Stephen Rees's blog

Thoughts about the relationships between transport and the urban area it serves

Automatic Number Plate Recognition

with 5 comments

I have on numerous occasions on this blog recommended that speed limit enforcement needs to be upgraded. The BC Liberals, under Gordon Campbell, got rid of photo radar in response their supporters claims that the program was a “cash grab”. No satisfactory examination was conducted on its impact on road safety – so far as I am aware. I have often suggested that Automatic Number Plate Recognition (ANPR) be used to detect vehicles that travel lengths of road at speeds far above the posted speed limit. ANPR is already used for various travel surveys – such as turning movements through an intersection. My information of course is based on my knowledge and experience which is now very much out of date. When ANPR is used with current data processing techniques its impact is far reaching.

I would still like to see something much more effective being done to reduce the daily experience of seeing most cars on most roads exceeding the speed limit with impunity. But I must admit that reading “How Britain Exported Next-Generation Surveillance” was an eye opener for me.  There is nothing in the article that refers to Canada. But as we saw from the tv news coverage of the attack on Parliament Hill, and many other news stories, there is a lot of surveillance going on here. There was also that appeal for people to look at cctv videos of people who took part in the Stanley Cup riot in downtown Vancouver.

A lot of what has been introduced since September 11, 2001 in the name of security has been very intrusive and arguably not very effective. As the Matter article notes, much of the apparent success of the ANPR system has been due to sheer luck or other  investigative techniques. But in Canada police surveillance of law abiding protests, and tracking of people labelled “extremists” simply because they express a preference for clean air, drinkable water, nutritious food and a livable planet is already a legitimate concern.

Written by Stephen Rees

January 6, 2015 at 12:30 pm

5 Responses

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  1. I’m not a fan personally. Data collection starts to have unintended consequences – I’m not particularly interested in Ottawa suddenly having the ability to monitor where I drive and when, nor am I thrilled about the prospect of our neighbours to the south getting a hold of that information and then making their own decisions about what it might mean.

    In areas with road users who aren’t encased in an armoured metal box we definitely need reduced vehicle speeds AND we need to see them enforced, but those areas aren’t typically compatible with automated methods, especially the ‘automated number plate’ type systems that calculate average speed over a set distance. Most of the areas where high speeds are most likely to cause death/injury are places like Hastings or Broadway where there’s lots of pedestrians/cyclists/children/etc but average speeds are always going to be low due to crosswalks, lights, etc.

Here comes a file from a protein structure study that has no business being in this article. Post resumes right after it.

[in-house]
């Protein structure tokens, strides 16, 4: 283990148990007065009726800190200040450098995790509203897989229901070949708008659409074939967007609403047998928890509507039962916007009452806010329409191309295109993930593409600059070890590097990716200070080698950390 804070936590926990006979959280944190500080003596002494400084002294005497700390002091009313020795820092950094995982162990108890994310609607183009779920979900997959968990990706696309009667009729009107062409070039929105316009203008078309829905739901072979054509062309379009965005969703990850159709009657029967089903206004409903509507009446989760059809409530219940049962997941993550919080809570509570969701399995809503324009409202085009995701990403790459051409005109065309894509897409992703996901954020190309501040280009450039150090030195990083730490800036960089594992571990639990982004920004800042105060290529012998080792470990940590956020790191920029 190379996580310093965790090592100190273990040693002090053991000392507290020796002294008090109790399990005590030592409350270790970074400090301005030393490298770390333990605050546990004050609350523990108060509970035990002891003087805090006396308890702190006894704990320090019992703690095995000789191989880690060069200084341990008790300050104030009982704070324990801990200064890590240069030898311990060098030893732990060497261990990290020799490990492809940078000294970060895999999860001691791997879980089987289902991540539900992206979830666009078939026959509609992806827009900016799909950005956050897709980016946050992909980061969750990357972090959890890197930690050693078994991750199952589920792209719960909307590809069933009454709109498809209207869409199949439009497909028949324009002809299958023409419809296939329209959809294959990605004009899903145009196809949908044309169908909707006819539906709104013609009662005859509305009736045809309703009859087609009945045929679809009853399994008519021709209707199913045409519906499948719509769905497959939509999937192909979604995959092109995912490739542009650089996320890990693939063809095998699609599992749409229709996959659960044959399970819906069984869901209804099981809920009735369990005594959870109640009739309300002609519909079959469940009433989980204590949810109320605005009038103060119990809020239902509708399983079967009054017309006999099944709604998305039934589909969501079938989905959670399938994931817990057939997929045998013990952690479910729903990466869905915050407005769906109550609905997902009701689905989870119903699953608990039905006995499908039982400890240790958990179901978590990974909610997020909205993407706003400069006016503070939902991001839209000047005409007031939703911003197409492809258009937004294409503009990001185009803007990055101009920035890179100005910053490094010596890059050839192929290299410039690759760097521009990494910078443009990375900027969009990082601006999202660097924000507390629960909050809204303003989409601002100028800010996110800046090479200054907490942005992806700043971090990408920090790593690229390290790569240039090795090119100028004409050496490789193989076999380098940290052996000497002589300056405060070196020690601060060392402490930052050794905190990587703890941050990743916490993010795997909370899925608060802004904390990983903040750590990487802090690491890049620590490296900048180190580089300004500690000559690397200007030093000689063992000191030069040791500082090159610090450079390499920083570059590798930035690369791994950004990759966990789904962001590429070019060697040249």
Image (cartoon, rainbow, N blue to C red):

The consequences of a vehicle going 20 over the limit on Highway 1 are generally non-existent, while a vehicle going 20 over the limit in a pedestrian heavy area skews the results of an accident from an injury towards death. I’d like to see more VPD officers out with radar guns in school/playground/bike zones, not the ‘all seeing eye’ recording my movements.


    January 6, 2015 at 2:52 pm

  2. South island police are BIG fans of ANPR, and very secretive on what they do with the data.

    GOOGLE it.

    The other half is insurance companies will start DEMANDING owners put data trackers in their vehicles, and that data will be used to set rates. If you think ‘Big Brother’ is going to stay away from that treasure trove of info, you’re living in a fantasy.

    o/t guest

    January 6, 2015 at 3:35 pm

  3. imagine the traffic on marine way / marine drive following the posted limits. It would be gridlock in the morning rush.
    Nothing beats paying attention .


    January 6, 2015 at 5:06 pm

  4. Actually, it wouldn’t. Gridlock is always the fear – but it is a temporary problem if it occurs at all. In cities where lower speeds have been introduced, traffic flow has improved. As always, the documented reality is different to the “common wisdom”.

    Stephen Rees

    January 6, 2015 at 5:43 pm

  5. @istvan
    There are optimum speeds for city and highway roads that maximize the number of vehicles per hour. Remember that slow moving vehicles are much closer together than fast moving ones.
    For a city you want everyone going at 50km/h and out on the freeway you want everyone going 95km/h. Those speeds maximize safe throughput of vehicles per hour.
    If even one vehicle is attempting to go faster or slower than everyone else then the whole system gets messed up and vehicle throughput drops. Elimination of speed differences is one reason why self-driving car advocates claim they can reduce congestion and cut fuel consumption. Another purported efficiency of self-driving cars is the reduced reaction times allowing cars to travel closer to each other. Top speeds, however, will likely go down rather than up to maximize energy efficiency. It takes more horsepower and fuel to travel 105km/h than it does to go 90km/h.


    January 13, 2015 at 10:09 am

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